St Albans Local Plan accused of being unsound

The land proposed for development.

The land proposed for development. - Credit: Archant

St Albans Local Plan (LP) will fail once again if it is allowed to proceed unchecked, a landowner has warned.

Lawes Agricultural Trust (LAT), which funds Rothamsted Research, earlier this year submitted a piece of Green Belt by Harpenden Lane and Dunstable Road to the LP for a 1,000 home development.

St Albans district council (SADC) rejected the land in favour of other sites around the district.

The trust has now sent a letter to SADC warning that the LP process is flawed and might be found unsound by a planning inspector.

The same allegation was thrown at SADC by developers HelioSlough because the council is planning a 2,000 home development on a piece of Park Street Green Belt earmarked for a Strategic Rail Freight Interchange.

If the LP is found unsound, the Government has threatened to intervene, deciding where 15,000 new homes should be built in the district before 2036.

LAT chief executive, Peter Oxley, said: “We believe that the council’s decision is wrong, not only for the community, but also from the point of view of not following the proper legal process.”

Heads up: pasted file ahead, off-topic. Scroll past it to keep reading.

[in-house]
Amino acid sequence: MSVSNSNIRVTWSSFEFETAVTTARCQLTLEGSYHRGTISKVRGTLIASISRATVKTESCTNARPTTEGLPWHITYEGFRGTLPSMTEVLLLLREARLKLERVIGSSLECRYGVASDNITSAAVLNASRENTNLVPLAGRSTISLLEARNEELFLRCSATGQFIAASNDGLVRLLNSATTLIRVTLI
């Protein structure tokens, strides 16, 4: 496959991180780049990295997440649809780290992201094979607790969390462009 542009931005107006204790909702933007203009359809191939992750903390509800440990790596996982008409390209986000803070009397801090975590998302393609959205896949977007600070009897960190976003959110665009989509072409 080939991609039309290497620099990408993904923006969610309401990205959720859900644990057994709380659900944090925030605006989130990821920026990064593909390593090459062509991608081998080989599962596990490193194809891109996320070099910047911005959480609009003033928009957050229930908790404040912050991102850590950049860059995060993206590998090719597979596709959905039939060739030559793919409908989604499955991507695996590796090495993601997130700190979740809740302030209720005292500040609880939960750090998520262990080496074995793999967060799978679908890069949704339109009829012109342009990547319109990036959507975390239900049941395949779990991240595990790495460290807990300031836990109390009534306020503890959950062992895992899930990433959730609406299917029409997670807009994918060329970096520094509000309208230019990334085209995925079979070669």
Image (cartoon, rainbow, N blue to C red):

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He argued LAT’s proposal was not properly compared to all the other submissions - only to the Park Street rail depot site.

The LAT development would include a cycle route from Redbourn to Harpenden, a new school, a wildlife reserve, and a commitment to social rented housing.

It is “mystifying”, he said: “[LAT Trustees] are therefore under a duty to take whatever action our legal advisers recommend is appropriate. We are keen to work with the council - and have been throughout this process.”

If SADC plough ahead with the draft LP in its current form, LAT will take more legal advice.

Planning portfolio holder at SADC, Cllr Mary Maynard, stood by SADC’s decisions: “The council has gone through a planning lead process and the first objective in terms of housing location was to minimise damage to the Green Belt. We used a simple process and we followed it, and we are choosing the developments that will least impact Green Belt. It is a very legal, sound planning process.”

SADC is due to decide if the draft LP should put to consultation tonight.